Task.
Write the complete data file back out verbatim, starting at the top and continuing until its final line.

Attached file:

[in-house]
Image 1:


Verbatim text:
[in-house]
Image 1: